Information for the October 2008 research, conducted by Parks Associates on behalf of Camiant, was gathered from in-depth interviews with executives at 16 major mobile broadband providers in Canada, Eastern and Western Europe, Turkey, Scandinavia, and the United States.
Existing business models, especially the "unlimited" models popular in Western Europe and the U.S., have dangerous drawbacks that will become apparent in the next three to five years. As mobile broadband adoption continues to grow and traffic volume skyrockets, the revenue that these models deliver will fail to offset the costs of delivering the traffic.
"Mobile carriers around the world, especially those offering 'unlimited' data plans, must rethink their approach to wireless broadband network management," said Anton Denissov, research analyst with Parks Associates. "Failure to implement refined network controls and business policies would condition abusive consumer use patterns and accelerate service commoditization."
"The time is right for mobile operators to embrace new business models and to train users to behave in a long-term economic fashion, and not expect 'all you can eat' models," said Randy Fuller, vice president of business development for Camiant. "Operators who implement more refined policies and models that monetize traffic early on, before consumer expectations and behaviors are conditioned, won't be the ones leaving money on the table."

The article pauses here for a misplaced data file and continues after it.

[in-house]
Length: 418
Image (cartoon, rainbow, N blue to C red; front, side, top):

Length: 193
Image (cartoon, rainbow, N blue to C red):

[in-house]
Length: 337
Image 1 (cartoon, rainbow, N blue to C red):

Key findings from the custom study:
Mobile broadband offers carriers opportunity to improve their market position by:
- Raising customer average revenue per user (ARPU)
- Avoiding commoditization by becoming providers of enhanced services, not just connectivity
Carriers will need to develop new business models to more effectively monetize rapidly growing mobile data traffic:
- Western Europe - 400% - 800% per year traffic growth
- Eastern Europe - 300% - 800% per year traffic growth
- U.S. - 200% - 300% per year traffic growth
- Canada - 100% per year traffic growth
Current business models are rudimentary and do not maximize a carrier's revenue. Their fundamental elements include:
- Channeling consumers to use lower-capability devices (i.e., mobile phone vs. air card)
- Controlling traffic based on raw traffic volume (i.e., pre-defined usage caps)
- Disconnecting consumers or charging a-la-carte (on per MB or per GB basis) if they exceed the traffic cap
- Banning heavy (most active) users from the network
The research proposes key elements for new business models to succeed. These include the need for operators to be service-centric instead of connectivity-centric, monetize traffic as well as users, and avoid blanket punitive pricing. New business models need to resolve usage inequities by charging a user for usage that actually taxes the network rather than for using a device that may tax the network. These changes will encourage adoption of connected devices other than mobile phones or PC cards; that adoption, in turn, will offer additional revenue opportunities for carriers.